California Study Released at Conference

9 January 2006

SACRAMENTO, California – (PRESS RELEASE) -- The first state-wide study of
the social and economic impacts of tribal government gaming within California
will be released at a 1:30 p.m. press briefing January, 11 at the Western
Indian Gaming Conference in Palm Springs.

The nearly year-long study by the Center for California Native Nations at
the University of California Riverside was coordinated by Dr. Kate Spilde
Contreras, the Managing Director at the Center. Six faculty members from five
academic departments participated in the research project.

The study analyzed data in the 1990 and 2000 U.S. Censuses for a "before
and after" snapshot of conditions in California during Indian gaming's initial
growth phase. Indian gaming impacts since 2000, when California's principal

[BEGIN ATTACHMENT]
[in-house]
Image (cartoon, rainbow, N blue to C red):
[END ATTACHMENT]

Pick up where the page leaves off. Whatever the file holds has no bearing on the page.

tribal-state compacts went into effect, were analyzed through surveys of
tribal and local governments and in-depth case studies of individual tribal
governments.

"This is truly ground-breaking research by respected and independent
scholars that will be helpful to tribal, local and state government as Indian
gaming continues to mature as a powerful economic force in California," said
Anthony Miranda, chair of the California Nations Indian Gaming Association
(CNIGA), sponsor of the conference.

Reporters wishing to attend the briefing in Smoke Room F of the Palm
Springs Convention Center should first register at the press counter at the
conference's Registration Center in the adjacent Wyndham Palm Springs Hotel,
888 Tahquitz Canyon Way.


Related Links
Californian Gambling
Western Indian Gaming Conference (WIGC) 2006